November 7, 2001 | By: Laura Skillman
PRINCETON, Ky.

The state's swine industry has been a profitable one for farmers, with the notable exception of 1998. But markets have continued to dry up in recent years requiring producers to ship their stock further and further distances from the farm.

In the past 15 years, four pork-slaughtering facilities in the Kentucky area have closed, said Richard Coffey, Extension swine specialist at the University of Kentucky Research and Education Center in Princeton.

Today, about 90 percent of Kentucky's producers are sending their stock to plants in Louisville, Paducah, Logansport, Ind., Delphi, Ind., Beardstown, Ill., and even West Point, Miss.

Market access is a key issue to the survivability of the state's hog industry which saw huge numbers of farmers leave the business in the late 1990s. In the early 1990s, Kentucky had more than 5,000 farms that raised hogs. By 2000, that number was down to around 1,900.

The loss of markets was likely a key consideration that led many small producers to decide to get out of production, Coffey said. They had had fairly close access to markets, but now they don't.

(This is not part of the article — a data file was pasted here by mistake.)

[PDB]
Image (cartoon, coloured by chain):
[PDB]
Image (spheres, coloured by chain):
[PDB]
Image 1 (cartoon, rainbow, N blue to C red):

"You are not going to load up a pick-up load and drive to West Point, Miss.," he said.

There are several options for farmers to consider to ensure they have market access.

One option is to contract with packers which can require a specific number of animals, usually a semi load, to be delivered at a set time and that meet certain quality standards.

A number of producers use production contracts with as many as 55 percent of the nation's hogs finished under a contractual agreement. Production contracts can allow for better access to capital, allow for expansion and reduce financial risk as well.

Another way to maintain markets are to join producer marketing cooperatives. This allows small to mid-sized producers to market their animals as a group ensuring they can meet the numbers a packer may want. The cooperatives can also be used to purchase inputs, potentially lowering costs.

Coffey said a cooperative is likely to be the best way for small and medium-sized producers to stay in business. There is one good example of a cooperative in Kentucky, near Bardstown, he said.

"What that let's them do is market semi loads," Coffey said. "They buy inputs together. It's a way for them to take advantage of what some of the larger guys do but still maintain their small size."

Other options would be to develop niche markets such as antibiotic-free pork, ethnic markets or others. Those markets are there and can be developed but it is not a simple task, he said.

And a final option would be for producers to own their own packing plant. That's a tough one to bite off, but there are some groups looking at it, he said.

Contact: 

Richard Coffey, (270) 365-7541